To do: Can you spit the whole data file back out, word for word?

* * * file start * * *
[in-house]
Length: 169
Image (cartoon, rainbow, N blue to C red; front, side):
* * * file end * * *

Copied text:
[in-house]
Length: 169
Image (cartoon, rainbow, N blue to C red; front, side):